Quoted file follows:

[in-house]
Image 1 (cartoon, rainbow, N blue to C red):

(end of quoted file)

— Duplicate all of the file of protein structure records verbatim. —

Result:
[in-house]
Image 1 (cartoon, rainbow, N blue to C red):